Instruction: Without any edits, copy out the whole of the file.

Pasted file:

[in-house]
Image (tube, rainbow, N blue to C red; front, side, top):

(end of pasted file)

[in-house]
Image (tube, rainbow, N blue to C red; front, side, top):